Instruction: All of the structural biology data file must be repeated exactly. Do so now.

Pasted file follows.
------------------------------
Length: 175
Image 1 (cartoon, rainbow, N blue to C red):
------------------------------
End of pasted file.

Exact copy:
Length: 175
Image 1 (cartoon, rainbow, N blue to C red):